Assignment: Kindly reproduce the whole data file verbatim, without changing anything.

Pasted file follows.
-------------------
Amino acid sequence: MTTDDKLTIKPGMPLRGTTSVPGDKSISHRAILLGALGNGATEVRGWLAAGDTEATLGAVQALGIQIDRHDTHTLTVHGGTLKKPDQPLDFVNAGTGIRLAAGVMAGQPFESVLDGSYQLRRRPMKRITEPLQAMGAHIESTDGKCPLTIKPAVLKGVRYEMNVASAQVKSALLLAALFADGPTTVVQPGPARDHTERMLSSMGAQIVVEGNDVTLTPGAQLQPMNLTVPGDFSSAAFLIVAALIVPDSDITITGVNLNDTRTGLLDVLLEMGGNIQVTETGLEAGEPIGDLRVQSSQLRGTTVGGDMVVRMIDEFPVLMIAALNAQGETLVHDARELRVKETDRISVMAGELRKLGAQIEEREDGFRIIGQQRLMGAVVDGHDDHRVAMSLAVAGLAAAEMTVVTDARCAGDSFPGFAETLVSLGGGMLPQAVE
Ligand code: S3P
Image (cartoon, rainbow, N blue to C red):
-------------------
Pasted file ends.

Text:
Amino acid sequence: MTTDDKLTIKPGMPLRGTTSVPGDKSISHRAILLGALGNGATEVRGWLAAGDTEATLGAVQALGIQIDRHDTHTLTVHGGTLKKPDQPLDFVNAGTGIRLAAGVMAGQPFESVLDGSYQLRRRPMKRITEPLQAMGAHIESTDGKCPLTIKPAVLKGVRYEMNVASAQVKSALLLAALFADGPTTVVQPGPARDHTERMLSSMGAQIVVEGNDVTLTPGAQLQPMNLTVPGDFSSAAFLIVAALIVPDSDITITGVNLNDTRTGLLDVLLEMGGNIQVTETGLEAGEPIGDLRVQSSQLRGTTVGGDMVVRMIDEFPVLMIAALNAQGETLVHDARELRVKETDRISVMAGELRKLGAQIEEREDGFRIIGQQRLMGAVVDGHDDHRVAMSLAVAGLAAAEMTVVTDARCAGDSFPGFAETLVSLGGGMLPQAVE
Ligand code: S3P
Image (cartoon, rainbow, N blue to C red):